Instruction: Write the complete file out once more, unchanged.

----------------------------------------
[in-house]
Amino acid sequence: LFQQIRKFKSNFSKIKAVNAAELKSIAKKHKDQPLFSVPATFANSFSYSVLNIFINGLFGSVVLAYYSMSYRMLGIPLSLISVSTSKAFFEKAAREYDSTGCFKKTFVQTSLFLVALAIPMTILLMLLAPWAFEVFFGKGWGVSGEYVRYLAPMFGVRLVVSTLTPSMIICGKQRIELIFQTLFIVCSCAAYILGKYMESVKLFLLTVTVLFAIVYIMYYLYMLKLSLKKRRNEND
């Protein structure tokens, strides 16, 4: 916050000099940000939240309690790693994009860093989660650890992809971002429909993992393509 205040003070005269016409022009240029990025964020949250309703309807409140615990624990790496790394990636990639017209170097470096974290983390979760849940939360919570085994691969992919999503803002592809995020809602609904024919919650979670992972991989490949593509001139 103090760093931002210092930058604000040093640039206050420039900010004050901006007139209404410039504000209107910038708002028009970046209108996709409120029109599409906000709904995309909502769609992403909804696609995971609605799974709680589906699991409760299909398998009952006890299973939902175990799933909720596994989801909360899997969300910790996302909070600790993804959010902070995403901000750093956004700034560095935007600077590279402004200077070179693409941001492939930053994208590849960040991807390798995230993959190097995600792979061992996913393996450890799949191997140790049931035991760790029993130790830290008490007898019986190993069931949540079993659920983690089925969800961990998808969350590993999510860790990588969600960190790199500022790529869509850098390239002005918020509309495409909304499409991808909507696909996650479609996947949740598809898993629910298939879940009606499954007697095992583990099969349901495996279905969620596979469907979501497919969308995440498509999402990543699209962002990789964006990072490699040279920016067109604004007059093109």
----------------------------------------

[in-house]
Amino acid sequence: LFQQIRKFKSNFSKIKAVNAAELKSIAKKHKDQPLFSVPATFANSFSYSVLNIFINGLFGSVVLAYYSMSYRMLGIPLSLISVSTSKAFFEKAAREYDSTGCFKKTFVQTSLFLVALAIPMTILLMLLAPWAFEVFFGKGWGVSGEYVRYLAPMFGVRLVVSTLTPSMIICGKQRIELIFQTLFIVCSCAAYILGKYMESVKLFLLTVTVLFAIVYIMYYLYMLKLSLKKRRNEND
């Protein structure tokens, strides 16, 4: 916050000099940000939240309690790693994009860093989660650890992809971002429909993992393509 205040003070005269016409022009240029990025964020949250309703309807409140615990624990790496790394990636990639017209170097470096974290983390979760849940939360919570085994691969992919999503803002592809995020809602609904024919919650979670992972991989490949593509001139 103090760093931002210092930058604000040093640039206050420039900010004050901006007139209404410039504000209107910038708002028009970046209108996709409120029109599409906000709904995309909502769609992403909804696609995971609605799974709680589906699991409760299909398998009952006890299973939902175990799933909720596994989801909360899997969300910790996302909070600790993804959010902070995403901000750093956004700034560095935007600077590279402004200077070179693409941001492939930053994208590849960040991807390798995230993959190097995600792979061992996913393996450890799949191997140790049931035991760790029993130790830290008490007898019986190993069931949540079993659920983690089925969800961990998808969350590993999510860790990588969600960190790199500022790529869509850098390239002005918020509309495409909304499409991808909507696909996650479609996947949740598809898993629910298939879940009606499954007697095992583990099969349901495996279905969620596979469907979501497919969308995440498509999402990543699209962002990789964006990072490699040279920016067109604004007059093109």